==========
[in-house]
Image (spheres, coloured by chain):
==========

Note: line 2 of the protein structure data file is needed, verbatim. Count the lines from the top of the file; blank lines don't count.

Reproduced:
Image (spheres, coloured by chain):